County of Gloucester Bank
The County of Gloucester Bank was formed in 1836. It was the result of the merger of Gloucester County & City Bank (established in 1834) and the Cirencester-based bank Pitt, Croome, Bowley & Brown (established in 1790). The new business immediately went on to take over several other local private banks.
Operating in a predominantly rural area, the Bank’s customers were involved primarily in agriculture. The County of Gloucester became the biggest bank in the region in 1856, taking over its main competitor, Cheltenham & Gloucestershire Bank. By this time it had also become the fourth largest note-issuing bank in England and Wales.
Its takeovers, however, were not always motivated by the desire to expand its branch network. In 1841, it acquired the private bank, Strange & Co., purely to secure the services of its managers in Swindon and Highworth.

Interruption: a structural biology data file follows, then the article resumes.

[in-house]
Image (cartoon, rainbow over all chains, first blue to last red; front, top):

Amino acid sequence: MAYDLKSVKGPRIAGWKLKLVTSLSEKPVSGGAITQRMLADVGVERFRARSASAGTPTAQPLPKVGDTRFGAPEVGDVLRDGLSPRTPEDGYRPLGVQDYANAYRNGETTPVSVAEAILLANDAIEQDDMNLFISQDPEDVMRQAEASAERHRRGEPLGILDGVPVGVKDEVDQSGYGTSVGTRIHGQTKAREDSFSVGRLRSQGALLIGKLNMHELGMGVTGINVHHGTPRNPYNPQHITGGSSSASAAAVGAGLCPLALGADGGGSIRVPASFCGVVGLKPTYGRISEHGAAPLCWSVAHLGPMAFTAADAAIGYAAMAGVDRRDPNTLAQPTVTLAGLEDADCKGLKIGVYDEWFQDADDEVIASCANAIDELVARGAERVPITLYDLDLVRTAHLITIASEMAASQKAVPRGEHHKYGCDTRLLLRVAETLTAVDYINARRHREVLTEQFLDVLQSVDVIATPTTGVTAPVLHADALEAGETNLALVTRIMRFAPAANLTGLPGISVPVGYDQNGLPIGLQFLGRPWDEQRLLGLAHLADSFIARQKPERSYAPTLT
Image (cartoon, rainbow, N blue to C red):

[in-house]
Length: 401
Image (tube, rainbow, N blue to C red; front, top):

A prominent figure on the Bank's board of directors in the 1890s was the Earl of St Aldwyn. He later resigned his seat to become Chancellor of the Exchequer in the Marquis of Salisbury’s government.
The economic downturn of the 1890s hit the Bank hard. A series of bad debts, and the increasing volatility of regional banks, forced the board to accept that the Bank could no longer survive on its own. The banking sector was witnessing an ever-increasing number of amalgamations, which resulted in bigger and bigger banks. Lloyds saw the County of Gloucester Bank as an ideal purchase: it would significantly increase their representation in the south-west. County of Gloucester was bought by Lloyds Bank in 1897.